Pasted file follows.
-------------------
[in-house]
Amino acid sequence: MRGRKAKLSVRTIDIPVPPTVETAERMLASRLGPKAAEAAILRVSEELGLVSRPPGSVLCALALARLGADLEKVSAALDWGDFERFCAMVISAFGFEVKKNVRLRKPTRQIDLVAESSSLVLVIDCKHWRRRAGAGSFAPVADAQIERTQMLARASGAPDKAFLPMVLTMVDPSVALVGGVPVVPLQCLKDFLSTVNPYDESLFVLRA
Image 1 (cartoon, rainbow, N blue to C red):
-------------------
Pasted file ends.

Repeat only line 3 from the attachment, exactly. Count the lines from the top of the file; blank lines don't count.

Image 1 (cartoon, rainbow, N blue to C red):